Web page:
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Consider a building in a cold climate with a temperature difference of 20 degrees C, i.e. external temp. is 0 degrees C and internal temp is 20 degrees C.

How does a building lose heat through a gap in the external wall?

Does the cold low pressure air draw the warm air out or does the warm moist air rising in the room leave a 'gap' below which draws in the cold air?

For the sake of argument, assume that the remainder of the building is hermetically sealed i.e. airtight, and the wall is a high performance wall e.g. U-value of 0.3W/m2K.

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  • $\begingroup$ Welcome to Physics Stack Exchange! What is a U-value? $\endgroup$ – DanielSank Nov 3 '15 at 9:48
  • $\begingroup$ A U value is a measure of heat loss. It is expressed in W/m2k, and shows the amount of heat lost in watts (W) per square metre of material (for example wall, roof, floor etc.) when the temperature (k) outside is at least one degree lower. The lower the u value, the better the insulation provided by the material. $\endgroup$ – Richard14 Nov 3 '15 at 9:57
  • $\begingroup$ If you put a heater in the corner how does it heat the room? You will have convection through the gap. $\endgroup$ – paparazzo Nov 3 '15 at 10:35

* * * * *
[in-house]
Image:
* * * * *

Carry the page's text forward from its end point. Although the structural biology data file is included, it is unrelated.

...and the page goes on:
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assume that the remainder of the building is hermetically sealed

There are very few such buildings, since occupants dislike suffocation and carbon-dioxide poisoning.

But in that case, warmer air will exit through the upper portion of the gap and colder air will enter through the lower portion of the gap.

The flows are caused by density differences, the heavier (higher density) cold air from outside falls through the lighter (lower density) warm air on the inside, displacing it from the lower regions of the building. The lighter warm air also rises through the heavier cold air.

The heating system in the building converts the cold air to warm air and provides the energy needed to drive the convection current.

If the initial condition is that the building is constructed (with the gap) and contains air at the same temperature and pressure as the outside, there will be no significant movement of air until the heating system is turned on. Turning the heating on will start convection currents inside the building that will soon lead to an exchange of air through the gap.

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  • $\begingroup$ Thanks RedGrittyBrick, sowhat causes the transfer to take place is it is simply Newton's Law of Cooling or does the temperature differential create a pressure differential pushing the warm air out and/or the cold air in? $\endgroup$ – Richard14 Nov 3 '15 at 10:06
  • $\begingroup$ I think we are getting to the heart of it and thanks for your patience with me here. I understand from your answer that convection currents will form presumably because the air becomes less dense when heated but also more voluminous. Does this extra volume cause the warm air to then leak through the gap leaving a space for cold air to fill, which then accelerates the convection currents? $\endgroup$ – Richard14 Nov 3 '15 at 10:29
  • $\begingroup$ And this effect is started through the cold bridging within the gap? $\endgroup$ – Richard14 Nov 3 '15 at 10:43

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